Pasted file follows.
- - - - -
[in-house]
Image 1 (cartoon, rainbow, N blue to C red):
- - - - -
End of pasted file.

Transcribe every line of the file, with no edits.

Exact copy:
[in-house]
Image 1 (cartoon, rainbow, N blue to C red):